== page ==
Tender potatoes, harvested from your backyard, and then boiled and served with plenty of butter, are nothing short of heavenly. Growing potatoes is especially rewarding because there are so many new varieties. Try delicious fingerling and other potatoes, which often come in a rainbow of colors. Skin colors include red, white, blue, tan, and brown, and flesh colors include traditional white as well as yellow, red, blue and bicolors. Pick them small for the most delicate garden treat. Let them get larger if you want to mash or store them.
Potatoes are usually grown from pieces of tuber, called sets or seed potatoes, rather than true seed. Plant them two to four weeks before the last spring frost. After sprouts emerge, mound soil around the stems to shade developing tubers from sun. Exposed tubers turn green, bitter, and mildly toxic (cut out any green portions before serving.)
- Plant Type:
- Plant Height:
- 1-2 feet tall
- Plant Width:
- 1-2 feet wide
'Butte' potato is a classic, oblong russet baking potato with white flesh that packs 20 percent more protein and 58 percent more vitamin C than most varieties.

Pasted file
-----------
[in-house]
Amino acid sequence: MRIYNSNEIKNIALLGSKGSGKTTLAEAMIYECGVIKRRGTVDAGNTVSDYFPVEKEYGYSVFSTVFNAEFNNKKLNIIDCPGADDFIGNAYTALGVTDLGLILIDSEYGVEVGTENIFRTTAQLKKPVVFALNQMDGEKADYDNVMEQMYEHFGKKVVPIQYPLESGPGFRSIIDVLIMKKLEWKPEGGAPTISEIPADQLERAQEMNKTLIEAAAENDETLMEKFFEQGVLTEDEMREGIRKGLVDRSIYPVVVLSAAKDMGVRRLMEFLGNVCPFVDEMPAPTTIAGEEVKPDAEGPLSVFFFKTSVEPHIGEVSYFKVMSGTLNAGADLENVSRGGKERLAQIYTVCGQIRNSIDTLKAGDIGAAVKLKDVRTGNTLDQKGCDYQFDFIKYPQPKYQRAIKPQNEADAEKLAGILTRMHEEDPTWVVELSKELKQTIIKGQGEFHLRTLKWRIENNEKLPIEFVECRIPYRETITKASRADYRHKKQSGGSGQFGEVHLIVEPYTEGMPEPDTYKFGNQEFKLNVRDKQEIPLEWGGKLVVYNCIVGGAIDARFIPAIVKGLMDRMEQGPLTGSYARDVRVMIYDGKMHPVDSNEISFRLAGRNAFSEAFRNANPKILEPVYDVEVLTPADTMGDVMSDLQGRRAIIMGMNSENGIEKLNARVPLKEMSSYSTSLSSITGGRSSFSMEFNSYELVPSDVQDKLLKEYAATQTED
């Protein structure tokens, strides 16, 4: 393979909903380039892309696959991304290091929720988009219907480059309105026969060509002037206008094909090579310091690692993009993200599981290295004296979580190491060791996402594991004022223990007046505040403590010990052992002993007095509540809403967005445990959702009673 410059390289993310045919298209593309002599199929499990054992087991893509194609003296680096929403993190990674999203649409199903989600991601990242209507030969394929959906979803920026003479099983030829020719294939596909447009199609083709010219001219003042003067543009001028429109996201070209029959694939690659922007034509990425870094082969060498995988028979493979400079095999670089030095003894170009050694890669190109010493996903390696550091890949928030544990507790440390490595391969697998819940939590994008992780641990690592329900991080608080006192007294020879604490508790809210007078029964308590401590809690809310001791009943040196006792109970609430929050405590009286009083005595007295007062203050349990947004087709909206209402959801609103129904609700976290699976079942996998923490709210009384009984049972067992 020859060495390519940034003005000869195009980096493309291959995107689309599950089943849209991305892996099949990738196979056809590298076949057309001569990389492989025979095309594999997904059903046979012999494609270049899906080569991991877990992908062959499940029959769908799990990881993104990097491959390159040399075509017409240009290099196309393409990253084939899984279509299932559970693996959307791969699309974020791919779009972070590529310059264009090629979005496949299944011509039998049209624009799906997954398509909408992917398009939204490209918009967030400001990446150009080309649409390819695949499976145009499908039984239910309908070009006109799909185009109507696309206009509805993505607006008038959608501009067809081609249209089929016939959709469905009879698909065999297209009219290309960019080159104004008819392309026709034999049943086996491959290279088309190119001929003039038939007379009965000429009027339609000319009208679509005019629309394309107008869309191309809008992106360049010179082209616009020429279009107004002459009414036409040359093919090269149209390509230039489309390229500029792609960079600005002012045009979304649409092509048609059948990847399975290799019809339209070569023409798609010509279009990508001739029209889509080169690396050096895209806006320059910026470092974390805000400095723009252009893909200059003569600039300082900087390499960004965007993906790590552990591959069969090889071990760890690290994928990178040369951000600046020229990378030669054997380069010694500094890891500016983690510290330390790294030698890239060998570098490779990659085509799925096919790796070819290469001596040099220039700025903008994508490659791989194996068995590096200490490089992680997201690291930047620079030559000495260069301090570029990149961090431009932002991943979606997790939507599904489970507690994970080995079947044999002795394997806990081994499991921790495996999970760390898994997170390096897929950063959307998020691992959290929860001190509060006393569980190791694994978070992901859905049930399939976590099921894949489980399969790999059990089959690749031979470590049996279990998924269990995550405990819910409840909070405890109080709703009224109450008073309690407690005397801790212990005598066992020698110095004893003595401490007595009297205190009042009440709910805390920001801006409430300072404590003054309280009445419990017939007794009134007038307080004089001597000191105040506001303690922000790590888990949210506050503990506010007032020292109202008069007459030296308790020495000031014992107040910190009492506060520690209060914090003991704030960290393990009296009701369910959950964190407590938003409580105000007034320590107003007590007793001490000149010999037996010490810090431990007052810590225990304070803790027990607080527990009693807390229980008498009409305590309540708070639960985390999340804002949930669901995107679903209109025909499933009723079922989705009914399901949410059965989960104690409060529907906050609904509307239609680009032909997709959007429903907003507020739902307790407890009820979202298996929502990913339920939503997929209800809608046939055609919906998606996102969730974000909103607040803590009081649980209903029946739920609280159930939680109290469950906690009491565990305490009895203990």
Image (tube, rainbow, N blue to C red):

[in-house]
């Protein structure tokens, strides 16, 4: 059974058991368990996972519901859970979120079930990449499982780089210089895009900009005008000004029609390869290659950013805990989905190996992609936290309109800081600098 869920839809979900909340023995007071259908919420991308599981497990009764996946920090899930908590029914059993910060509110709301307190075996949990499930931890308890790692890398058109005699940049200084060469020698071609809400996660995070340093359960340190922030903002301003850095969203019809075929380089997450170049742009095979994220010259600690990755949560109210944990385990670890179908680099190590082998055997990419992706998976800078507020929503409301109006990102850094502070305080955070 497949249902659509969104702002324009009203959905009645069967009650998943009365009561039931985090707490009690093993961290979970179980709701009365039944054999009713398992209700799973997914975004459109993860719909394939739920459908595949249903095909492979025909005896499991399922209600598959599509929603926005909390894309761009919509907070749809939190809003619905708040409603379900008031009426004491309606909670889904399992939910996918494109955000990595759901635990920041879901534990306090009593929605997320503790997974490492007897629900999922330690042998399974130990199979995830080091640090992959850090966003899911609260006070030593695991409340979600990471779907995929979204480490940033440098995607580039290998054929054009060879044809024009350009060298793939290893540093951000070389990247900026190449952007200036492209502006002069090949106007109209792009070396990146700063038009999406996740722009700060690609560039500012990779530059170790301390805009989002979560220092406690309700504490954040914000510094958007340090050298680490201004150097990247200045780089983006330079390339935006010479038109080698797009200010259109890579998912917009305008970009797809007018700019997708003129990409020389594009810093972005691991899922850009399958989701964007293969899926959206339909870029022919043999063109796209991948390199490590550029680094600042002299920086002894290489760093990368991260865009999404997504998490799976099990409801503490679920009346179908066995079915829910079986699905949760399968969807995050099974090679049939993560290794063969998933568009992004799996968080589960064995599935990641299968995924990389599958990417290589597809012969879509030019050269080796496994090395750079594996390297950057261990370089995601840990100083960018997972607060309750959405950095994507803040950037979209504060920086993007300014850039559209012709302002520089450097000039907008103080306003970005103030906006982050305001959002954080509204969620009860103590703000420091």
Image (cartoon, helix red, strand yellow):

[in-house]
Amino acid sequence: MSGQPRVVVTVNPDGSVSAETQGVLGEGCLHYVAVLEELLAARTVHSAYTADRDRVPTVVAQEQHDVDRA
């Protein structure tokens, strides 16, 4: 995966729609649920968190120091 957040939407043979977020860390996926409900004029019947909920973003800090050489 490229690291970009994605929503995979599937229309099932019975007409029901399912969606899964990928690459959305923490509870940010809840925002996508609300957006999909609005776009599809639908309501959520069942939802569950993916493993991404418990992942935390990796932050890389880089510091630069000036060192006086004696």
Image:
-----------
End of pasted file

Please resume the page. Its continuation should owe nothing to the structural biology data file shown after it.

'Caribe' potato is an early maturing variety with purplish blue skin and pure white flesh.
'Dark Red Norland' potato offers good resistance to scab and foliar diseases, making it a popular early red-skinned variety. The white-fleshed tubers are tasty harvested as new potatoes.
'Red Cloud' potato is a mid-season selection with crimson skin and dry, white flesh. It is a good keeper.
'Russian Banana' potato is a fingerling with yellow skin and flesh. The tuber's waxy texture makes it ideal as a boiled potato.
'Superior' potato is a widely adapted mid-season selection with buff-color skin and white flesh. It has good scab resistance.
'Yukon Gold' potato has yellow skin and moist, golden flesh that creates a flavorful, buttery eating sensation. The plant is drought-tolerant and quite productive for an early variety.
You may begin harvesting new potatoes six to eight weeks after planting when tubers are 1 to 2 inches in diameter by carefully digging next to stems with a small fork. Wait for the main harvest until plant tops start to die back on their own. For storage, cure undamaged, harvested tubers by placing them in a dark humid location at 65° to 70°F for two weeks. For long-term storage, place cured tubers in the dark at 40° to 50°F. At colder temperatures, potatoes may become sugary.